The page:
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Pippa Middleton poses with her book "Celebrate: A Year Of Festivities For Family and Friends" on Oct. 25, 2012 in London. The book has had poor sales and bad reviews.
Even being the younger sister of the future queen of England has its limitations, Pippa Middleton has learned.
After her long-awaited first book, "Celebrate: A Year of British Festivities for Families and Friends," debuted to less than stellar reviews and sales, news has come this week that the younger sister of the Duchess of Cambridge has been dropped by her literary agent.
Middleton's publisher, Michael Joseph, reportedly paid around $600,000 for the rights to the party planning book - thought to be an unprecedented sum for a first-time commission. But the book sold only 2,000 copies its first week on sale, and in December, U.K. bookseller WH Smith slashed its price 75 percent in an attempt to move some copies.
And the reviews for "Celebrate" weren't anything to celebrate about. The Toronto Sun called it "simplistic and lacklustre" and criticized its "platitudes and store-bought shortcuts." And the New York Post trashed its "treacle, most of which could be gleaned by reading an issue of Family Circle circa 1982."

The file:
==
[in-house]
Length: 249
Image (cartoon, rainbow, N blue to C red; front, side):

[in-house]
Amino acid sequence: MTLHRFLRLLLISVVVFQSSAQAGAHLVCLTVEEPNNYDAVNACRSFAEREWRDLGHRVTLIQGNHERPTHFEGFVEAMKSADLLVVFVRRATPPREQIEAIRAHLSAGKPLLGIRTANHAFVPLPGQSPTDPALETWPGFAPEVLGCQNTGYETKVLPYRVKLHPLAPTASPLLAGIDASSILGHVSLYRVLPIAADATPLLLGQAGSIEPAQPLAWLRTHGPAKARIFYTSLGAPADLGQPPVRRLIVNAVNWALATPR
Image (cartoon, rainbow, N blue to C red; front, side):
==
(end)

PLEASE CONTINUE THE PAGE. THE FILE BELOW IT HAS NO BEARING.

In the wake of all which, agent David Godwin confirmed that he had decided to part company with the budding writer and issued a short statement in which he said he was "very sorry it has happened, but yes, it is true: I no longer represent Pippa and I wish her every good luck."
I was the only journalist allowed inside Pippa's London book launch in October last year. Alongside a cameraman and a sole photographer, I was able to watch and talk to the duchess' sister: A rare opportunity, given she has never given a proper interview. The closest she has ever come to talking publicly about her royal connections was in her book's introduction, where she talked about having achieved "global recognition" on account of her sister, brother-in-law... oh, and her bottom!
Pippa was better-looking in person than in her photos, with softer features and an enviable figure. She also seemed more businesslike than I had expected. She had a clear idea of where she wanted the room decorations to go, for example. I was sure she'd be more placid and shy than she was, probably because mostly we've seen her lurking in the backgrounds of photos with Duchess Kate and Prince William.
But one thing stood out more than anything: She was hoping for this launch to be her big break - to show she was more than just "Kate's sister."
"Is this OK?" she asked repeatedly (and more politely than we are normally accustomed to), checking she was in the correct position for the cameras. Nervously she shifted in her seat, smoothing the invisible creases of her dress and glancing regularly out the corner of her eye at the cameras.
With that image racing through my mind, I couldn't help feeling sorry to hear the news this week.
Georgina Brewer is the Royal Producer for ITV News in the U.K. Follow her on Twitter at @georginaitv.
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